There are many ways to identify a Kenyan. Besides using the word ‘otherwise’ to mean ‘talk to me’, Kenyans have perfected the art of laughing at their own pain. They create hashtags in a matter of seconds and give hilarious insights into otherwise depressing discourses. However, one of the most peculiar ways to identify a Kenyan is their tendency to do things the last minute.
A Kenyan is the mother frantically trying to procure school supplies the day before school resumes; the father queuing at the bank to pay school fees while their child waits in the lobby in school uniform; they are the masses fighting for the last spot to acquire a Huduma Namba on the last day of the issuance exercise. Kenyans are last-minute doers. They sit pretty and wait until the last whistle has been blown and then frantically rush to do what they should have done days, even months before.
Perhaps this is the reason, it seems, that our political leaders have also perfected this behaviour of last-minute development agendas. They are masters of initiating ‘panic development projects’ – projects critical to the survival of the electorate but which are ignored until two years, maybe a year, to the next General Election. The politicians then suddenly go on the rampage, commissioning one project after the other in a frantic attempt to partly deliver on their campaign promises and partly campaign for the next election.
It is a cyclical, never-ending fiasco of promises that are left unfulfilled until they form the bases for the next campaigns. This habit ensures the political leaders have a constant supply of ‘carrots’ to dangle every election cycle. It is common to hear tales about a rural road that has remained impassable for generations, with each political aspirant declaring their commitment to fix the road as soon as they are elected. While on the surface the ‘opposition’ decries the incumbent’s failure to fix the road, they too silently hope the road remains impassable, or their own campaign manifesto will have nothing to promise.
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The incumbent, on the other hand, will wait until the last year of their tenure to begin the road construction in earnest, conveniently ensuring they hoodwink the electorate to re-elect them in order to ‘complete the work they have begun’. The delay tactics serve to ensure politicians have a political lifeline while leaving the communities they represent deprived of essential services and, therefore, perennially at the mercy of the leaders.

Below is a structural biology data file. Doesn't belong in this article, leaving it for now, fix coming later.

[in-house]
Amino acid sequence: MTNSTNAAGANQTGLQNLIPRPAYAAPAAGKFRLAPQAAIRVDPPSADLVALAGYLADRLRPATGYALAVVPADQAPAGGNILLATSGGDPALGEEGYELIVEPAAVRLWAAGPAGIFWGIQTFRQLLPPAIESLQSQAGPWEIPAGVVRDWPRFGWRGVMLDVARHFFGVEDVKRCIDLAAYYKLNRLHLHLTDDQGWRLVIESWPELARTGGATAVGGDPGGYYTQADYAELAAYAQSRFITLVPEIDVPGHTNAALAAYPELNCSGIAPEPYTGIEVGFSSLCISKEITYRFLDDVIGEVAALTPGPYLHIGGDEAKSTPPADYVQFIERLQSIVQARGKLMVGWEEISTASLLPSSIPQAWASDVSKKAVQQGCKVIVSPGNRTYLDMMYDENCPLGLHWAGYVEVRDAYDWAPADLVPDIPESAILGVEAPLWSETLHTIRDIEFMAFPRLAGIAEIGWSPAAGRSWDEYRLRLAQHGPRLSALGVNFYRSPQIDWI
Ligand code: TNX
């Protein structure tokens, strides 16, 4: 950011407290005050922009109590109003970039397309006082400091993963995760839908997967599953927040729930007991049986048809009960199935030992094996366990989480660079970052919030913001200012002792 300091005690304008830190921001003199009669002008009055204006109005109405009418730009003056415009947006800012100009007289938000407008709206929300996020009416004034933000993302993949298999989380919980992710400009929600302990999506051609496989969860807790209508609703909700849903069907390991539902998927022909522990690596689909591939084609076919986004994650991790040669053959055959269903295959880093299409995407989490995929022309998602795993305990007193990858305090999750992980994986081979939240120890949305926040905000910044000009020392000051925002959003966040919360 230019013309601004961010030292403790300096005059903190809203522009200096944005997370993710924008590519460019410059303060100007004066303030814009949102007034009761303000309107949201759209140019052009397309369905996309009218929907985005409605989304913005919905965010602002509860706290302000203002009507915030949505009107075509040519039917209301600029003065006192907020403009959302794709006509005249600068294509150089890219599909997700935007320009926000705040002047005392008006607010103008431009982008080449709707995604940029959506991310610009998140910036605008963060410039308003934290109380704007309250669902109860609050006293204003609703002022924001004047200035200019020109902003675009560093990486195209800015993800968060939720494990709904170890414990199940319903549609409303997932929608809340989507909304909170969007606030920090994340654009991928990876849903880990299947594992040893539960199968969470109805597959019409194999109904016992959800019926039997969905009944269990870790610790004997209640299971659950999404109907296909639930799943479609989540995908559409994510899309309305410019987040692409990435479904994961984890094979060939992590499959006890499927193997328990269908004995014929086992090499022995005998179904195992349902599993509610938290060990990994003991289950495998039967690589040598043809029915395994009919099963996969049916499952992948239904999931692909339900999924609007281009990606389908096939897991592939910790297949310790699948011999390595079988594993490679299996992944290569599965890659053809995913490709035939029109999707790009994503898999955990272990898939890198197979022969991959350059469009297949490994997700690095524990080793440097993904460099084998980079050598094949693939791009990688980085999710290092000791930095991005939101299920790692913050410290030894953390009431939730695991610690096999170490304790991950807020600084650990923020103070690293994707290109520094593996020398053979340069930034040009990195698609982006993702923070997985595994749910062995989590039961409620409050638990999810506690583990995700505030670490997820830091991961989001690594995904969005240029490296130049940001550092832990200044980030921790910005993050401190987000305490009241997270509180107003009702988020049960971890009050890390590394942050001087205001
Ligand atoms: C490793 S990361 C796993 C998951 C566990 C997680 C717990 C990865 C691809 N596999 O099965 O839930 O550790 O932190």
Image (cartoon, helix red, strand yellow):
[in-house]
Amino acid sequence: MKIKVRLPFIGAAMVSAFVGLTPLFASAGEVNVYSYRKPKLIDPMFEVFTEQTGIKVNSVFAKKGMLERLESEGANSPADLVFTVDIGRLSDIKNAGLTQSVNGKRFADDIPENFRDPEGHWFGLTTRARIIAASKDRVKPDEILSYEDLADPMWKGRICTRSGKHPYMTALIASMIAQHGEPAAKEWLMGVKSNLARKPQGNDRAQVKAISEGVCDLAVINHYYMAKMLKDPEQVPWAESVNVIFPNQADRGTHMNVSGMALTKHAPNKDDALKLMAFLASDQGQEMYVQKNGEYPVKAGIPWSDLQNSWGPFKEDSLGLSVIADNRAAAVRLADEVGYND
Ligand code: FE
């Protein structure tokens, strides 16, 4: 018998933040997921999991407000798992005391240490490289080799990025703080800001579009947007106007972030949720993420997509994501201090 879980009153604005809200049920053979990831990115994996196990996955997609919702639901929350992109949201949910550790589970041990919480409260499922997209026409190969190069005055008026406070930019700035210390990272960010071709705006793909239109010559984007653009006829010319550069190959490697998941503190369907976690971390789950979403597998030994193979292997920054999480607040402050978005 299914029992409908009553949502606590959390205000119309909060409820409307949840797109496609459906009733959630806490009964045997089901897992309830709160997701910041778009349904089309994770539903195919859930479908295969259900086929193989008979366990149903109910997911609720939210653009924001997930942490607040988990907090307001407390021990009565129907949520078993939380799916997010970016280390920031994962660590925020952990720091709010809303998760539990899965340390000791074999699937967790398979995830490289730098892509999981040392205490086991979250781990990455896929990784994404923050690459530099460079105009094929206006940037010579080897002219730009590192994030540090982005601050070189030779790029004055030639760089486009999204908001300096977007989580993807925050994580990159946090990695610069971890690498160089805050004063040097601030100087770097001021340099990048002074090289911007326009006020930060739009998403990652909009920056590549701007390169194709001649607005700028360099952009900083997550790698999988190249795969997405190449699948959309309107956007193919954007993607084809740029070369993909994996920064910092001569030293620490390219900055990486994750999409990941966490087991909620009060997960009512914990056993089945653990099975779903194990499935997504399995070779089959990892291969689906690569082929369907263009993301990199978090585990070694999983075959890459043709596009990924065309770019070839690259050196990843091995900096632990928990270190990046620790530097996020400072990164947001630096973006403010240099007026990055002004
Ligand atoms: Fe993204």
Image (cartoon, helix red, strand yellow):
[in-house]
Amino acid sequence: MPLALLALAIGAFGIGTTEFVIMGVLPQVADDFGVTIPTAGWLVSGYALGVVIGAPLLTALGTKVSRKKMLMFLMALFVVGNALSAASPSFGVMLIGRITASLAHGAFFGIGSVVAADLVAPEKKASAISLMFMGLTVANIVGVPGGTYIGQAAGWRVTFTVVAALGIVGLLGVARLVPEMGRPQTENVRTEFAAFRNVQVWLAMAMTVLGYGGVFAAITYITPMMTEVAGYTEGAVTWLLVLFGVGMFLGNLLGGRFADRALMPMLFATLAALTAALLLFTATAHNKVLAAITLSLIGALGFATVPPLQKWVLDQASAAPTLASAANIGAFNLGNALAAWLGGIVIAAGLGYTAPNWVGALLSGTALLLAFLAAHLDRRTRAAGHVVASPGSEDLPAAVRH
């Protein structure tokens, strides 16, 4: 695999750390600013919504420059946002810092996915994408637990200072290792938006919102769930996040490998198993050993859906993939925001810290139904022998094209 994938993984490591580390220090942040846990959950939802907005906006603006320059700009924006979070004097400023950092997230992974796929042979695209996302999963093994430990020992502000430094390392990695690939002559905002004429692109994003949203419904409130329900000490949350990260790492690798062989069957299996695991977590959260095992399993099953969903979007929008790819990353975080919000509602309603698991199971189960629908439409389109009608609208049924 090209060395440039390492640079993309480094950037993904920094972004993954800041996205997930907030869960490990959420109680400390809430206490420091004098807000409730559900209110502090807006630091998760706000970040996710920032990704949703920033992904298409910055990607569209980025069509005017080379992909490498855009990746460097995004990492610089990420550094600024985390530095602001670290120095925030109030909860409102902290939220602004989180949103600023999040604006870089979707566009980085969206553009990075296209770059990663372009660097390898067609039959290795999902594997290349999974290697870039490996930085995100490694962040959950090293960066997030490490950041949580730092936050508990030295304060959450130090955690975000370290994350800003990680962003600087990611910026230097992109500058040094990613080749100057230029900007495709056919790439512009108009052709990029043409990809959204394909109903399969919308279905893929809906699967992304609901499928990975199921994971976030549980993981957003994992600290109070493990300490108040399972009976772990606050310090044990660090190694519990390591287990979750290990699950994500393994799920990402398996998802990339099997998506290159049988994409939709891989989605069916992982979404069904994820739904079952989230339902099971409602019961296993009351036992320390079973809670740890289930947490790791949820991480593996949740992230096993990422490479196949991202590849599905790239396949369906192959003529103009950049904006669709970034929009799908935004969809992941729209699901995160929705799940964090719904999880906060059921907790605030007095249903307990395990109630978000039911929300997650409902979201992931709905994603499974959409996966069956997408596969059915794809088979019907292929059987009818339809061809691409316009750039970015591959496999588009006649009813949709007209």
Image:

It is no wonder therefore, that money meant for development in some counties is often left un-utilised, with the County Government Budget Implementation Report showing development absorption rates of as low as 3.2 per cent for the first half of the 2019/2020 Financial Year. This against recurrent absorption rates of 50 per cent and above in some counties for the same duration.
During the reporting period, Members of County Assemblies utilised 40 per cent of their approved sitting allowance budget. It seems that in some counties, MCAs merely sit at work without working. It is ironical that counties with major challenges in critical sectors such as health, education and water have high rollovers.
That money can lie unutilised in any county still struggling to ensure equitable distribution of quality education and health services is discouraging, to say the least.
Some people joke that Kenya’s elected leaders spend the first year in office repaying their campaign financiers and rewarding their campaign foot soldiers. Once the financiers have been settled, the leaders then embark on benchmarking trips, to see what needs to be done. They travel widely, both domestically and abroad.
As recurrent expenditure hits unprecedented rates each financial year, development projects are shelved, perhaps to await the ‘appropriate time’ – the last two years of the incumbent’s tenure during which the projects’ benefits to the politician will be twofold: Evidence of commitment to work and, if incomplete, a campaign promise of completion during the next tenure.
Whether by design or default, the underprivileged people have to live with poor road infrastructure, ill-equipped hospitals and dilapidated classrooms as the political leaders take their time in what is characteristically a Kenyan’s way of doing things.
Unless Kenyans learn to voice their concerns and hold political leaders accountable from the day they assume office, it is likely that our economic challenges will not evolve with time and politicians will still be promising basic needs in their campaigns for generations to come.
Dr Kalangi is a communication lecturer and trainer, Kenyatta University